Operationally, if the battery circuit 10 suffered an external short between radio contacts 42 and 44, the polyswitch 26 would heat up and trip to an open condition in under 3 seconds, depending on the state of the charge of the cells. The strip of nichrome 28 would carry the excess current of the short until the polyswitch 26 trips to open. Once the polyswitch 26 opens, the nichrome strip 28 would see no more current. Once the external short is removed from the battery, the polyswitch cools down and returns to its normal closed condition.

If an internal short were to occur within the battery cells (18 or 20), the battery wold be rendered non-functional. Yet, the battery remains hazardous until it cold be permanently disarmed. With the present configuration (10), the nichrome strip 28 would burn open within 10 seconds, and break the battery into two separate unprotected cell groups (14 and 16). If a short occurs, then the maximum number of cells involved after 10 seconds could 4 or more (depending on the size of the cell group) which cold easily generate sufficient heat to melt portions of the battery and cause serious safety problems. The steel tabs (17) can reach extremely high temperatures until the cells totally discharge.

Referring to FIG. 2, a battery circuit in accordance with the present invention is shown. A diode 52 is coupled between the positive charger contact 66 and the positive radio contact 72. A polyswitch 54 is coupled between the diode 52 and the positive terminal (60) from a series of interconnected cells 56. In this configuration, eight cells (56) are preferably interlinked by a series of resistive fusible links, typically nichrome tabs 58. As in battery circuit 10 of FIG. 1, a thermistor 64 is preferably coupled to the negative terminal 62 from the series of cells. The negative terminal is connected to the ground line which also provide the negative charger and radio contacts. The thermistor is also coupled to the thermistor contact 70.

In the present invention, the nichrome tabs 58 replace the steel tbs of battery circuit 10, which eliminates the use of the nichrome strip. The nichrome strip 28 only served the purpose of limiting current to meet Factory Mutual Approval standards and not to serve as a fuse. The use of the nichrome tabs 58 in the present invention serves the dual purpose of limiting current and further serves to act as a fuse between the individual cells. Thus, if an internal short occurs, a nichrome tab (58) would immediately heat up and burn open within 10 seconds of the internal short. Therefore, the maximum number of cells affected in an internal short in this configuration would be 1.

Likewise, in FIG. 3, a battery circuit 80, having a substantially similar configuration to that of battery circuit 50 of FIG. 2, wold have a maximum of 2 affected cells in the case of an internal short. Here, the nichrome tabs 58 are selectively interspersed between every two cells. Of course, the present invention contemplates that the nichrome tabs 58 can be selectively located in any desirable arrangement feasible to suit the particular needs and safety requirements of the battery user and manufacturer. For instance, the nichrome tabs could be arranged after every third cell.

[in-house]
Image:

The configuration of the present invention provides several advantages that are not quite apparent. First, the nichrome tabs 58 greatly reduces or essentially eliminates all possible hazards involved with the internal shorting of cells such as excessive venting and the potential for external fire due to the heat from the battery. The cells do not have a chance to get warm due to the quick response of the nichrome tabs to the excessive heat. Secondly, the use of the nichrome tabs 58 between the cells allows the placement of the polyswitch 54 on a flex circuit outside the string of cells (56). This arrangements allows for more efficient assembly of the battery package. Finally, the use of the nichrome tabs 58 instead of the steel tabs (17) allows for the elimination of an extra part, the nichrome strip 28. The present invention increases the Design for Assembly (DFA) efficiency of battery assemblies by removing unnecessary parts, and lowering the labor time required for final product assembly.

Claims (11)

What is claimed is:
1. A battery comprising:
a plurality of interconnected cells, each cell having a positive and negative terminal; and
a plurality of resistive fusible links directly connected between the positive and negative terminals of said plurality of interconnected cells for providing interlinking current limiting, and current interrupting between cells;
a diode coupled to one of said positive terminal of said plurality of interconnected cells; and
a thermistor coupled to one of said negative terminal of said plurality of interconnected cells.
2. The battery of claim 1, wherein said plurality of interconnected cells are coupled in series.
3. The battery of claim 1, wherein said resistive fusible links comprise nichrome tabs.
4. The battery of claim 1, wherein the battery further comprise a positive temperature coefficient device coupled to said plurality of interconnected cells.
5. The battery of claim 1, wherein the resistive fusible links between unlike terminals of each of said cells in said plurality of cells.
6. A safety battery having a positive and a negative terminal, a polyswitch and a plurality of cells in series coupled to said polyswitch, comprising:
a resistive fusible link coupled between each cell in said plurality of cells for providing a current limiter and a fuse;
a diode coupled to said positive terminal of said safety battery circuit;
a thermistor coupled to said negative terminal of said safety battery circuit.
7. The safety battery circuit of claim 6, wherein said resistive fusible material between each cell comprise nichrome tabs.
8. A safety battery circuit for use in a portable radio, comprising:
a plurality of cells, each having a positive and negative terminal;
a plurality of resistive fusible link for directly connecting unlike terminals among said cells in said plurality of cells;
a positive temperature coefficient device coupled to a positive terminal of the plurality of cells;
a diode coupled to said positive temperature coefficient device.
a thermistor coupled to a negative terminal of the plurality of cells.
9. The battery circuit of claim 8, wherein the resistively fusible links are interspersed among said cells in said plurality of cells.
10. The battery circuit of claim 8, wherein the resistively fusible links are coupled between every other cell in said plurality of cells.
11. The battery circuit of claim 8, wherein the resistively fusible links are coupled between each cell in said plurality of cells.
US07563581 1990-08-06 1990-08-06 Safe battery cell interconnects Expired - Lifetime US5146150A (en)